To evaluate the different models in our review, we weighed the kits and took their measurements to compare them with manufacturer's claims, and then itemized the contents to make sure they matched the list of supplies included with the kits. We then tested them on trips in California, Washington and British Columbia on trips including rock climbing, backpacking, ski touring, and alpine mountaineering. We also took the kits on more typical day hikes and on road trips in the car.
We opened up all of the contents to see what kind of quality we were dealing with, and then put them to the test to determine how they performed in simulated first aid scenarios as practiced in Wilderness First Responder courses and recertifications. These scenarios were able to illustrate whether both veterans of wilderness first aid situations, as well as novices with little training, were able to effectively use the equipment and to test out how user-friendly it is.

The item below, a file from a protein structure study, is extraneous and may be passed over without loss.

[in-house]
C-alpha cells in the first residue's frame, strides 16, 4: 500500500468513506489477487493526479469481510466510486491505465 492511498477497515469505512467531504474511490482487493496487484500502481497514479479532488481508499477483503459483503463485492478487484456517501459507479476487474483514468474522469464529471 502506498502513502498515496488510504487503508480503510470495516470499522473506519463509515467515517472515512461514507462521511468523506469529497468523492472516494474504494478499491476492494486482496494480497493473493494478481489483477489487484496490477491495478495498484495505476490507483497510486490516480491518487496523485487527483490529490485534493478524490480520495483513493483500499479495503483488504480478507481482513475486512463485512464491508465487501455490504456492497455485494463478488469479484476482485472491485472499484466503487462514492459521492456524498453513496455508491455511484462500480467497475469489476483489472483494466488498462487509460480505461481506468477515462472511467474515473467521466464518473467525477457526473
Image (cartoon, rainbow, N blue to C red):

We never encountered real-life major trauma or illness during our test period, other than common cuts and scrapes, which is exactly how we hoped our trips would end up. If you are doing everything right, and making sure to be cautious and conservative in your backcountry decision making then you might never need to use your kit for anything besides covering blisters and treating headaches, but you also never know what can happen out there, so it is best to be prepared.